MIGHT’s agenda remains focused on two major challenges.
First: provide measured opinions on cross sectoral issues or cross-cutting technologies, and, second: take actions needed to harness the commercial applications of technology to foster a better economic future for the nation.
MIGHT believes the nation’s future rests on its ability to continuously harness technology for business and create new industries. What is needed is a continuous, systematic effort to prospect for strategic technologies in both the traditional fields like manufacturing and new fields, such as biotechnology and nanotechnology.
One interesting initiative to boost private sector R&D was the offset management activities through MIGHT’s Technology Depository Agency for the Finance Ministry. The service plays a strategic government role undertaken for the purpose of ensuring that national procurement programmes support the country’s development objectives through acquisitions of technology, industrial participation and market access.
MIGHT is working closely with ministries and industry players to ensure that the offset programmes are developed and structured to address issues related to the development of strategic industry in the country, leveraging major acquisitions by the government and government-linked companies. These efforts respond to the prime minister’s call to create more revenue-based projects, and for the private sector to lead in creating wealth for Malaysia.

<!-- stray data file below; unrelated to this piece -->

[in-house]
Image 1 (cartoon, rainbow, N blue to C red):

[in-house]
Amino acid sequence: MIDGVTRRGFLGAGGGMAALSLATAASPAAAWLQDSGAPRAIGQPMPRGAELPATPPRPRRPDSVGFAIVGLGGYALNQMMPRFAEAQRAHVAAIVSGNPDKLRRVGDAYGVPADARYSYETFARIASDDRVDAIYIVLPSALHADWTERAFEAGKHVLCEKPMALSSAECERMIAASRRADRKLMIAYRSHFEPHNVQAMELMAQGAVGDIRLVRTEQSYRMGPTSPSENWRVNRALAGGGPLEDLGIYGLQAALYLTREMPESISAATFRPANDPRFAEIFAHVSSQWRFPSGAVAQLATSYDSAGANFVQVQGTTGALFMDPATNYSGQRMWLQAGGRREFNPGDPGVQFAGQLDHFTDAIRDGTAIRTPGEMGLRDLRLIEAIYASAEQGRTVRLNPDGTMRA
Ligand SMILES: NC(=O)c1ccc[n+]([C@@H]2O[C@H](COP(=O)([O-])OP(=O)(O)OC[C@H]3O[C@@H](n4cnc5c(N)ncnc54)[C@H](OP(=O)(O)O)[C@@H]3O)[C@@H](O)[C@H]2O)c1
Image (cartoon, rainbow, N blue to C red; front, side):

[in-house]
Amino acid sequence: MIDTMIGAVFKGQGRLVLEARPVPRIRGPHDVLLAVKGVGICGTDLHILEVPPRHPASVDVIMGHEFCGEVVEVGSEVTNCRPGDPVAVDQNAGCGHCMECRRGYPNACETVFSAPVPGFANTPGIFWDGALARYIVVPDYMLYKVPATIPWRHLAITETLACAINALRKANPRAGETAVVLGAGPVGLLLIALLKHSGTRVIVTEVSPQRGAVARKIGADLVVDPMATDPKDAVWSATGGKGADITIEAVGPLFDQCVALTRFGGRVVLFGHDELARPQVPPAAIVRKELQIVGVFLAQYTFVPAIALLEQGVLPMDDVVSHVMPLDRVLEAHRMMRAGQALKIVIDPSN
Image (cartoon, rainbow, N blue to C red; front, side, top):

An innovative approach championed by MIGHT to encourage private sector R&D is the recent founding of the Aerospace Manufacturing Innovation Centre (AMIC). Jointly funded by the government and industry, the centre’s participants include the European Aeronautic Defence and Space Company, Rolls-Royce and Composite Technology Research Malaysia.
A significant feature of AMIC is that the R&D, conducted by a university consortium, will encourage local industry to participate and base its research pursuits on industry needs.
AMIC will also train local talent with courses at Master’s and PhD levels in the field of aerospace technology.
The AMIC R&D centre of excellence is modelled on the Advanced Manufacturing Research Centre (AMRC) in Sheffield, United Kingdom. It is founded on the shared scientific excellence, expertise and technological innovation of the world’s leading aerospace companies, and world class research within the University of Sheffield’s Faculty of Engineering.
It develops innovative and advanced technology solutions for materials forming, metal working and castings.
It also has internationally acknowledged research in the field of composite materials, an area crucial to the development of Boeing’s next generation aircraft.
Achieving the right balance between the public sector and private industry is a complicated economic endeavour for a country like Malaysia — a small country with relatively limited resources. But neither the private sector’s invisible hand nor governmental heavy-handedness can be the solution.
It is true that the private sector cannot spur an innovation agenda without the government, but it is equally true that the government cannot replace private-sector market forces. It is imperative that the public and private sectors work together well.
This article was published in Th News Straits Times, 20 August 2011